Figure 2: Probing reovirus binding to CHO cells expressing JAM-A. (a) Cartoon of the experiment highlighting that CHO cells (having no JAM-A) are fluorescently labeled. (b) Confocal image showing an AFM tip on the top of two adjacent cells expressing or not JAM-A receptors. (c) FD-based AFM height image and corresponding adhesion channels. The adhesion map reveals that most adhesion (bright pixels) are localized on the cells expressing JAM-A receptors.

Altogether, this study allowed us to make a major breakthrough in understanding the binding mechanism of the reovirus to cells. We showed for the first time that reovirus early binding to cell surface is regulated by glycans, known as attachment factors (sialic acid for reoviruses). Until now, those interactions were often neglected and seen as unspecific interactions, the role of which was to concentrate the virus at the cell surface. However, these links are much more than ‘simple tethers or unspecific step’ as previously thought. Our study highlights a physiologically relevant interplay between the attachment factors (α-linked sialic acid glycans [α-SA]) and the specific entry receptor (junctional adhesion molecule A [JAM-A]). Our in vitro and cellular experiments revealed a cooperative effect. The α-SA binding to the viral glycoprotein, which is engaged with low affinity, serves as the initial attachment event and further triggers a conformational change into the viral glycoprotein. The glycoprotein adopts a more extended conformation that facilitate its specific interactions with the high-affinity JAM-A receptor. Moreover, we discovered that short sialylated glycans induce an enhancement of reovirus receptor binding, due to a conformational change in the glycoprotein. This leads to an increased binding avidity and ultimately infectivity, which can be applied for future vaccine and oncolytic treatments.

You mention in the publication that these insights could lead to the use of reoviruses as oncolytic agents – could you elaborate on that?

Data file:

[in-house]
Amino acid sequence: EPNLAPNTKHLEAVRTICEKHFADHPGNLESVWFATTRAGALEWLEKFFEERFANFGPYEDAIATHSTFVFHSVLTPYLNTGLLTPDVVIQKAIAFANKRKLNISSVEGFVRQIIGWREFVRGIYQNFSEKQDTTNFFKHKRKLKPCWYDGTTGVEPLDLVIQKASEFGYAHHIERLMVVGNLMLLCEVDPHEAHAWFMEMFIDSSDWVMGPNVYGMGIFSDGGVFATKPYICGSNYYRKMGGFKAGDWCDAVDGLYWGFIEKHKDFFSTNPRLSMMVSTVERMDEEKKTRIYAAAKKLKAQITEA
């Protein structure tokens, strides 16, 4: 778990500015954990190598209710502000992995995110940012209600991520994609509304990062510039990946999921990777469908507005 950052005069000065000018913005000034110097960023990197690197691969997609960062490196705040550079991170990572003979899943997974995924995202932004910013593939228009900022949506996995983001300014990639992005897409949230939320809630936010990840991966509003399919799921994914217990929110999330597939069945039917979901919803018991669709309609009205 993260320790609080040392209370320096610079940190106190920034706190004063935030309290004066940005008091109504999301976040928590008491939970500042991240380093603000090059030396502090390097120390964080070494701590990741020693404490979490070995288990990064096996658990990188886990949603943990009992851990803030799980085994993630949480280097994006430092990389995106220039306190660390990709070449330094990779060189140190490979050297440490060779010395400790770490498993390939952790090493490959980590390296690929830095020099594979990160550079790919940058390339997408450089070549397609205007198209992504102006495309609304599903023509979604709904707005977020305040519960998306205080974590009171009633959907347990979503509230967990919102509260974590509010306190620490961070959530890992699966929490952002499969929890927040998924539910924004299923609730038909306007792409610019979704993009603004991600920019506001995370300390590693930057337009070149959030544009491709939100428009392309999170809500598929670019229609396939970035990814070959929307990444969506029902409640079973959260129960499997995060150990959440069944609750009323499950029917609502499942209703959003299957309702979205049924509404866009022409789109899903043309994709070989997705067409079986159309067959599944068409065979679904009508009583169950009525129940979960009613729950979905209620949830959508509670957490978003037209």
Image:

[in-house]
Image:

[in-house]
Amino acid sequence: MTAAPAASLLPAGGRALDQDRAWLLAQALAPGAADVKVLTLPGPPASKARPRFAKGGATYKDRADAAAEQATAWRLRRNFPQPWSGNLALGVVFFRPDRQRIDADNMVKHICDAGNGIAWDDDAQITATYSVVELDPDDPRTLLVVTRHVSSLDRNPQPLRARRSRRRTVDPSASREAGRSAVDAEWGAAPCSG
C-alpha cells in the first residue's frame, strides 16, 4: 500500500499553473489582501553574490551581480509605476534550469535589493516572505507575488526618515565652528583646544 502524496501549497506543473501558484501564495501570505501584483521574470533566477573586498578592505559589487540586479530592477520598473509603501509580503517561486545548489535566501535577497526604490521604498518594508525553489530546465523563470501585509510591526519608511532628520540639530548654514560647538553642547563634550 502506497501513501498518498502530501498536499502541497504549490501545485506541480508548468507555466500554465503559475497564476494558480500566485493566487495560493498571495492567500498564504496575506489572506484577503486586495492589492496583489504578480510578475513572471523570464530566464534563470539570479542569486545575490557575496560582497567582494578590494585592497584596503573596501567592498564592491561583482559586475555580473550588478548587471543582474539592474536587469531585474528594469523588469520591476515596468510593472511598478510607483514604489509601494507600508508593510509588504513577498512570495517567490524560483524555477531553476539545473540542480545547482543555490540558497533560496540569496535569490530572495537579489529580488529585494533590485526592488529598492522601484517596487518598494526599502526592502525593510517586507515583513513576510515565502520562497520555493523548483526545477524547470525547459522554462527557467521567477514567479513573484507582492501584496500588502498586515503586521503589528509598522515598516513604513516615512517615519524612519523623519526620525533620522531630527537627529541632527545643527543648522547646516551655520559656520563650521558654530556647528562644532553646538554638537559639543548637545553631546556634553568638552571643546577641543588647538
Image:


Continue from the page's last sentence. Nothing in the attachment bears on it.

The main means of cancer treatment such as chemotherapy, radiotherapy, and even targeted kinase inhibitors and mAbs are limited by lack of efficacy, cellular resistance, and toxicity. Oncolytic viral therapy offers a novel therapeutic strategy that has the potential to dramatically improve clinical outcomes by having a wide spectrum of anticancer activity with minimal human toxicity.

Reovirus is a leading candidate for therapeutic development and currently in phase III trials. Reovirus selectively targets transformed cells with activated Ras signaling pathways. Ras genes are some of the most frequently mutated oncogenes in human cancer and it is estimated that at least 30% of all human tumors exhibit aberrant Ras signaling. By targeting Ras-activated cells, reovirus can directly lyse cancer cells, disrupt tumor immunosuppressive mechanisms, reestablish multicellular immune surveillance, and generate robust antitumor responses. Reovirus phase I clinical trials have shown indications of efficacy, and several phase II/III trials are ongoing at present. Reovirus’ extensive preclinical efficacy, replication competency, and low toxicity profile in humans have placed it as an attractive anticancer therapeutic for ongoing clinical testing. Despite advances in our understanding of the host and viral determinants that underlie reovirus replication and killing of transformed cells, many gaps in knowledge remain. With all these developments but also open questions in mind, our study provides unique opportunities to manipulate reovirus binding efficiency and infectivity for vaccine and oncolytic applications.

Learn More

Read the full article “Glycan-mediated enhancement of reovirus receptor binding” in Nature Communications

Learn about the ZEISS technology used in this publication:

Read Next

Leave a Reply

Your email address will not be published. Required fields are marked *

Visits on this Page:6244